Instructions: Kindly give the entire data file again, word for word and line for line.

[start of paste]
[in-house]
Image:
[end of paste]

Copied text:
[in-house]
Image: